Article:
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The lexical decision task (LDT) is a procedure used in many psychology and psycholinguistics experiments. The basic procedure involves measuring how quickly people classify stimuli as words or nonwords.

Although versions of the task had been used by researchers for a number of years, the term lexical decision task was coined by David E. Meyer and Roger W. Schvaneveldt, who brought the task to prominence in a series of studies on semantic memory and word recognition in the early 1970s.[1][2][3] Since then, the task has been used in thousands of studies, investigating semantic memory and lexical access in general.[4][5]

Contents

The taskEdit

Subjects are presented, either visually or auditorily, with a mixture of words and logatomes or pseudowords (nonsense strings that respect the phonotactic rules of a language, like trud in English). Their task is to indicate, usually with a button-press, whether the presented stimulus is a word or not.

The analysis is based on the reaction times (and, secondarily, the error rates) for the various conditions for which the words (or the pseudowords) differ. A very common effect is that of frequency: words that are more frequent are recognized faster. In a cleverly designed experiment, one can draw theoretical inferences from differences like this.[6] For instance, one might conclude that common words have a stronger mental representation than uncommon words.

Lexical decision tasks are often combined with other experimental techniques, such as priming, in which the subject is 'primed' with a certain stimulus before the actual lexical decision task has to be performed. In this way, it has been shown[1][2][3] that subjects are faster to respond to words when they are first shown a semantically related prime: participants are faster to confirm "nurse" as a word when it is preceded by "doctor" than when it is preceded by "butter". This is one example of the phenomenon of priming.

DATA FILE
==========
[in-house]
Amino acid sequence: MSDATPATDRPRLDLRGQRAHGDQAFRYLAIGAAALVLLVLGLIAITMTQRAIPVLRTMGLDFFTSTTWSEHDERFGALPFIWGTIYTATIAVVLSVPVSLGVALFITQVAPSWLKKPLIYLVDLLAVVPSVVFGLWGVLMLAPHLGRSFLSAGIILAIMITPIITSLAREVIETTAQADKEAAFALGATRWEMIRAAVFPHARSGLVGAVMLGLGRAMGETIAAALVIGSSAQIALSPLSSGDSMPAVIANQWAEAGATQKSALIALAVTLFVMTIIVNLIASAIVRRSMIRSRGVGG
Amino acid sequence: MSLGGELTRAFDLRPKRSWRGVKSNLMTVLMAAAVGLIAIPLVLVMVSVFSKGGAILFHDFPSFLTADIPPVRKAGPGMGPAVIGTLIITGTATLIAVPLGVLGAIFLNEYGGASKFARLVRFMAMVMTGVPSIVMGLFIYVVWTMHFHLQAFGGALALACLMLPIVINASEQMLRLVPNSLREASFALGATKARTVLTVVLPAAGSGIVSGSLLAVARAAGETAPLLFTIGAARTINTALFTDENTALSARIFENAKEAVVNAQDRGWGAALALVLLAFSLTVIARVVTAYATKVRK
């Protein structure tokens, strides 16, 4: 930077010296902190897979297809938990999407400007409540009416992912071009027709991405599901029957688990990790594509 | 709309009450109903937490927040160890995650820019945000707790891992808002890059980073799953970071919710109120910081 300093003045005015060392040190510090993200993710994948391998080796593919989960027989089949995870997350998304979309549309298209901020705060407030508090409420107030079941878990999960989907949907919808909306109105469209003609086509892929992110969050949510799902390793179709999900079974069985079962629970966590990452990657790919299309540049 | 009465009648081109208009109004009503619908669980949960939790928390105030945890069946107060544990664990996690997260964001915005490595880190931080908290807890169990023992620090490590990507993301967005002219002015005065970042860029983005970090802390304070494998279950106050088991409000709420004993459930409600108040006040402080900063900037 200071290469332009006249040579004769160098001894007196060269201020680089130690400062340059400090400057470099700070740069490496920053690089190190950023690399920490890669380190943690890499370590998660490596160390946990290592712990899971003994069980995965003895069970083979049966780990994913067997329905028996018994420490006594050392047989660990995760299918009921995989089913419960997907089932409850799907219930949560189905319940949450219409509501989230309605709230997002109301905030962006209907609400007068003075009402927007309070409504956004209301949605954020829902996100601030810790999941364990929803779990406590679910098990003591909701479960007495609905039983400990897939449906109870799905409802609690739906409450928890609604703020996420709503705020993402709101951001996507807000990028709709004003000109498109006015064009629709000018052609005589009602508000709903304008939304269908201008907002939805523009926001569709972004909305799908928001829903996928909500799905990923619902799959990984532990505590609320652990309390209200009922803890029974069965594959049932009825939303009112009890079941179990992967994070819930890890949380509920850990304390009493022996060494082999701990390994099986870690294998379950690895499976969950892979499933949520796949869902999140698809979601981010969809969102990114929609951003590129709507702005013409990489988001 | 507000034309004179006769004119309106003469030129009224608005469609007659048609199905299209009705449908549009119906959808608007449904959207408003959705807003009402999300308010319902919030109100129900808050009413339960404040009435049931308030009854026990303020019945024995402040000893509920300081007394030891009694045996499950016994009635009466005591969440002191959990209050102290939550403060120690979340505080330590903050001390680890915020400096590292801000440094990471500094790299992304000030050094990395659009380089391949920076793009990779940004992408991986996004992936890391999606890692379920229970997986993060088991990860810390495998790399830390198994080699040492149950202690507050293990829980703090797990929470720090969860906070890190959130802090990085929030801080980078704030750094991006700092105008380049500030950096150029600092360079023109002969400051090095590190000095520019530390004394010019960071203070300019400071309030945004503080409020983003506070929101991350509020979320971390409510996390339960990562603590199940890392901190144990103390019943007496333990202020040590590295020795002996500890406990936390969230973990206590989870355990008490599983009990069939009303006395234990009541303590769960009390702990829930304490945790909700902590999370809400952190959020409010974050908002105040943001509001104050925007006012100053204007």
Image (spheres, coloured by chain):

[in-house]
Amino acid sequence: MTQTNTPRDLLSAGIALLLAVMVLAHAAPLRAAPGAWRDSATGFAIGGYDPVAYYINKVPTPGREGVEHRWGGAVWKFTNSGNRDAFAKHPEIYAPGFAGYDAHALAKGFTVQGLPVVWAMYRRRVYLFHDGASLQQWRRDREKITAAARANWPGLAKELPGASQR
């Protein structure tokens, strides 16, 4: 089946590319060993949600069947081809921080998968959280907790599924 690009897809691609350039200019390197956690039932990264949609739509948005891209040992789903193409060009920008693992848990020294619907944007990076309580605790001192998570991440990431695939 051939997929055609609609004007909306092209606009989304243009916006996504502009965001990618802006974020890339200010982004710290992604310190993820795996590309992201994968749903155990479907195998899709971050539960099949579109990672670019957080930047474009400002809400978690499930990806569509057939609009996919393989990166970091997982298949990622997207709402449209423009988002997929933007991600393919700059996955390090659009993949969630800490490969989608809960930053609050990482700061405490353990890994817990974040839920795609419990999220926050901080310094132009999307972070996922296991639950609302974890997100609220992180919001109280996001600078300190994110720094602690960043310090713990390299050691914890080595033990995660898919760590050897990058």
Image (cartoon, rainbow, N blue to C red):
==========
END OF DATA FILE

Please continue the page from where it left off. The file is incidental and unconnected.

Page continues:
Lateralization in Semantic ProcessingEdit

Lateralization of brain function is the tendency for some neural functions or cognitive processes to be more dominant in one hemisphere than the other. Studies in semantic processing have found that there is lateralization for semantic processing by investigating hemisphere deficits, which can either be lesions, damage or disease, in the medial temporal lobe[7].

Tests like the LDT that use semantic priming have found that deficits in the left hemisphere preserve summation priming while deficits in the right hemisphere preserve direct or coarse priming[8].

Examples of summation priming include:

Shuttle, ground, space -> Launch

Railroad, coal, conductor -> Train

Examples of direct or coarse priming include:

Cut -> Scissors

Write -> Pencil

An fMRI study found that the left hemisphere was dominant in processing the metaphorical or idiomatic interpretation of idioms whereas processing of an idiom’s literal interpretation was associated with increased activity in the right hemisphere[9].

Other LDT studies have found that the right hemisphere is unable to recognize abstract or ambiguous nouns, verbs, or adverbs. It is, however, able to distinguish the meaning of concrete adjectives and nouns as efficiently as the left hemisphere. The same study also found that the right hemisphere is able to detect the semantic relationship between concrete nouns and their superordinate categories.[10]